In recent years, amide coupling has become the most frequently used reaction in medicinal chemistry1. Found as the backbone of proteins, the amide bond is nominal formed by the condensation of a carboxylic acid and an amine. Due to a nearly unlimited set of readily available carboxylic acid and amine derivatives, amide coupling strategies can be an efficient approach for medicinal chemists to generate novel compounds. As a result of this utility, a nearly unlimited set of reagents and protocols have been development to afford this simple transformation of amide bond formation2,3.
Amide Bond Formation
The most common method for formation of an amide bond is the condensation of a carboxylic acid and an amine. Generally, the carboxylic acid needs to be activated in order to react with the amine while remaining reactive functional groups need to be protected. This process occurs in two steps in either one pot with direct reaction of the activated carboxylic acid or in two steps with isolation of an activated “trapped” carboxylic acid with reaction with an amine.
Two step peptide bond formation
The carboxylate reacts with the coupling reagent yielding a reactive intermediate which can often be isolated or used immediately with an amine to form an amide bond. A wide variety of reagents have commonly been used to generate the activated carboxylic acid such as an acid halide (chloride, fluoride), azides, anhydrides, or carbodiimides. Additionally, active esters such as pentafluorophenyl or hydroxysuccinimido esters can be prepared as reactive intermediates. Reactive intermediates derived from generation of acyl chlorides or azides are highly efficient for amide coupling; however, their harsh formation and high reactivity often limits use with complex substrates or amino acids. A broadly applicable method for the formation of amide bonds use carbodiimides such as DCC (dicyclohexylcarbodiimide) or DIC (diisopropylcarbodiimide) for activation. Additives are often required to improve the efficiency of the reactions especially for solid-phase synthesis.
To avoid side reactions involving the substituents on the two coupling components, it is often necessary to carefully select the appropriate peptide-coupling reaction condition. One common problem with the use of carbodiimides is the racemization of amino acids. To remedy this, two classes of coupling reagents: Phosphonium and aminium reagents represent significant improvements over carbodiimide methods.
Common Aminium reagents
Common Phosphonium reagents
Aminium salts are very efficient peptide coupling reagents with quick reaction times and minimal racemization. With the addition of an additive such as HOBt, racemization can be completely eliminated. Aminium reagents are used in equal molarity to the carboxylic acid to prevent excess reagent reacting with the free amine of the peptide preventing coupling. Phosphonium salts react with carboxylate requiring usually 2 equivalent of base. (such as DIEA). One key advantage for the use of phosphonium salts over iminium reagents is that phosphonium does not reactive with the free amino group of the amine component. This allows couplings to occur in equimolar relation between the acid and amine, highly advantageous in situations such as the intramolecular cyclization of linear peptides or examples where excess of valuable amine component is discouraged.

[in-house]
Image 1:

Choosing the correct reaction for your needs:
While amide bond formation is a straightforward reaction, the choice of suitable reagents for an individual coupling of a complex carboxylic acid and amine may be a difficult decision. A variety of factors can be involved in finding the optimal peptide coupling reaction. Unanticipated side reactions or rearrangements, low conversions, solubility issues, or incompatibility with additional synthetic steps can all hinder what would appear to be a straightforward amide coupling reaction. As such, it is often necessary to draw from the large number of available reagents and protocols to find the optimal reaction condition. Screening a selection of reagents can often find a suitable reaction for any amide coupling.
1. Brown, Dean G., Bostrom, Jonas, “Analysis of Past and Present Synthetic Methodologies on Medicinal Chemistry: Where Have All the New Reactions Gone?” J. Med. Chem., 2015, ASAP.
2. El-Faham, Ayman; Albericio, Fernando, “Peptide Coupling Reagents, More than a Letter Soup” Chem. Rev., 2011, 111, 6557.
2. Pattabiraman, Vijaya R., Bode, Jeffrey W. “Rethinking Amide Bond Synthesis” Nature, 2011, 480, 471.